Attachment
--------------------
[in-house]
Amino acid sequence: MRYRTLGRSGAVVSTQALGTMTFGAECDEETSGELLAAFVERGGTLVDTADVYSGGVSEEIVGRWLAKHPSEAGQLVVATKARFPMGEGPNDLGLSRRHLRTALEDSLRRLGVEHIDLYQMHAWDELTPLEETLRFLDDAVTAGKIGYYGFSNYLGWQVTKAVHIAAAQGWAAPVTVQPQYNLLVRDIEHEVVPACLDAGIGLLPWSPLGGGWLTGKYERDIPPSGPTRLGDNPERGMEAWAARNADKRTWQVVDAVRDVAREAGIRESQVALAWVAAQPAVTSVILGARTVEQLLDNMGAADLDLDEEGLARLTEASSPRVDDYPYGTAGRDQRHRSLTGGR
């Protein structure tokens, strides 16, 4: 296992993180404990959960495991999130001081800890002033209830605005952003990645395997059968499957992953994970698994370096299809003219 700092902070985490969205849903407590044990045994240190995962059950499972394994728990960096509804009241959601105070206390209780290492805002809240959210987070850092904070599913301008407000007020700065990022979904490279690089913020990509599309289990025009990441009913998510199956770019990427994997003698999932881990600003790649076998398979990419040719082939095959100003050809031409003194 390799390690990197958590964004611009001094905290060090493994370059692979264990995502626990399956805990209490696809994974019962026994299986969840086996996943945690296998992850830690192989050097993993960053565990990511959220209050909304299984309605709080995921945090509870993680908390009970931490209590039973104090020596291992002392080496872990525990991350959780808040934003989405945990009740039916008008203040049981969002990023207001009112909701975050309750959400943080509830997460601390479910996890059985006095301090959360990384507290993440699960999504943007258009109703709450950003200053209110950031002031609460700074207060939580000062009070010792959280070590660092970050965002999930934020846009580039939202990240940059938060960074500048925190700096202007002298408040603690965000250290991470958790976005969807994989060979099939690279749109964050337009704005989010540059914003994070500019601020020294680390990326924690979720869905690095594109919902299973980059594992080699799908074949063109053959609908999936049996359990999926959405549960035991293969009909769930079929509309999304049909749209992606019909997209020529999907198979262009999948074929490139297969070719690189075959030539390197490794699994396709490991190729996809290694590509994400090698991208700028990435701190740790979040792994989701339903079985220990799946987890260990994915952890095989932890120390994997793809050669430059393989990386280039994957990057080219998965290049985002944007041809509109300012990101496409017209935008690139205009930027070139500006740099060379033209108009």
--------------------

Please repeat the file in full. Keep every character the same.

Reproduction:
[in-house]
Amino acid sequence: MRYRTLGRSGAVVSTQALGTMTFGAECDEETSGELLAAFVERGGTLVDTADVYSGGVSEEIVGRWLAKHPSEAGQLVVATKARFPMGEGPNDLGLSRRHLRTALEDSLRRLGVEHIDLYQMHAWDELTPLEETLRFLDDAVTAGKIGYYGFSNYLGWQVTKAVHIAAAQGWAAPVTVQPQYNLLVRDIEHEVVPACLDAGIGLLPWSPLGGGWLTGKYERDIPPSGPTRLGDNPERGMEAWAARNADKRTWQVVDAVRDVAREAGIRESQVALAWVAAQPAVTSVILGARTVEQLLDNMGAADLDLDEEGLARLTEASSPRVDDYPYGTAGRDQRHRSLTGGR
């Protein structure tokens, strides 16, 4: 296992993180404990959960495991999130001081800890002033209830605005952003990645395997059968499957992953994970698994370096299809003219 700092902070985490969205849903407590044990045994240190995962059950499972394994728990960096509804009241959601105070206390209780290492805002809240959210987070850092904070599913301008407000007020700065990022979904490279690089913020990509599309289990025009990441009913998510199956770019990427994997003698999932881990600003790649076998398979990419040719082939095959100003050809031409003194 390799390690990197958590964004611009001094905290060090493994370059692979264990995502626990399956805990209490696809994974019962026994299986969840086996996943945690296998992850830690192989050097993993960053565990990511959220209050909304299984309605709080995921945090509870993680908390009970931490209590039973104090020596291992002392080496872990525990991350959780808040934003989405945990009740039916008008203040049981969002990023207001009112909701975050309750959400943080509830997460601390479910996890059985006095301090959360990384507290993440699960999504943007258009109703709450950003200053209110950031002031609460700074207060939580000062009070010792959280070590660092970050965002999930934020846009580039939202990240940059938060960074500048925190700096202007002298408040603690965000250290991470958790976005969807994989060979099939690279749109964050337009704005989010540059914003994070500019601020020294680390990326924690979720869905690095594109919902299973980059594992080699799908074949063109053959609908999936049996359990999926959405549960035991293969009909769930079929509309999304049909749209992606019909997209020529999907198979262009999948074929490139297969070719690189075959030539390197490794699994396709490991190729996809290694590509994400090698991208700028990435701190740790979040792994989701339903079985220990799946987890260990994915952890095989932890120390994997793809050669430059393989990386280039994957990057080219998965290049985002944007041809509109300012990101496409017209935008690139205009930027070139500006740099060379033209108009």